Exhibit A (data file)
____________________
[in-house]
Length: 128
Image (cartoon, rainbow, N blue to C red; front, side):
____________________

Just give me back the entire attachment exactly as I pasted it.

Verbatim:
[in-house]
Length: 128
Image (cartoon, rainbow, N blue to C red; front, side):